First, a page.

LOWVILLE The Lewis County Agricultural Society is looking for the communitys help to purchase a new mobile stage to replace the venerable Show Wagon.
This will last for many years, said Douglas P. Hanno, president of the Agricultural Society, which operates the county fairgrounds. The Show Wagons been around for 40 years, and this will be around for 40 years.
While the new stage unit is expected to cost about $100,000, the goal of the capital campaign the Agricultural Societys first since seeking help in repairing the historic grandstand several years ago is $15,000. The Pratt-Northam Foundation has agreed to match donations up to that amount, Mr. Hanno said.
Were hoping to raise $15,000 so it turns into $30,000, he said.
The rest of the project will be covered by society funds or other means, perhaps including businesses willing to sponsor the new unit over many years, Mr. Hanno said.
Society officials sent 1,500 letters to county residents, and many donations from individuals and businesses have come in. Yet many more are needed to reach the fundraising goal.
Donations may be sent to the Lewis County Agricultural Society at P.O. Box 51, Lowville N.Y. 13367.
Built in the early 1970s by the group Arts in the Park, the Show Wagon has been used extensively as the stage for grandstand events at the annual county fair and at other community events such as the Lowville Cream Cheese Festival, Mr. Hanno said.
But it has served its time and must be retired, he said.
While the Show Wagon doesnt have a good roof, the new stage unit will be covered for use in all kinds of weather, Mr. Hanno said.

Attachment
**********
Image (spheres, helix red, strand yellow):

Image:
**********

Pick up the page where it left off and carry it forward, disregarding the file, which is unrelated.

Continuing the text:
The unit is under construction in Florida and may be available as early as the Relay for Life event in late May at the fairgrounds, he said. Well make it available for not-for-profits in the county to use, Mr. Hanno said.
Besides the age and condition of the Show Wagon, the move was prompted by the societys decision late last year to develop an outdoor amphitheater at the Maple Ridge Center complex off East Road.
The mobile stage unit may be used at the proposed amphitheater, intended to seat up to 550 spectators, but could still be used for many other events if that project doesnt pan out.
A preliminary design for the amphitheater site on the hillside behind the old horse track on the 55-acre Pratt Park parcel that the society owns has been completed through a funding partnership with the Pratt-Northam Foundation. Society officials have applied for funding to continue the projects design work.
Pratt-Northam in 2007 turned over most of the former Kenneth Seeber horse farm on East Road to the Agricultural Society and the camping association, hoping they would further develop the sites recreational options.
Pratt-Northam, which funds numerous youth-oriented programs from Carthage to Boonville, bought the 180-acre property between East Road and Route 26 in September 2000.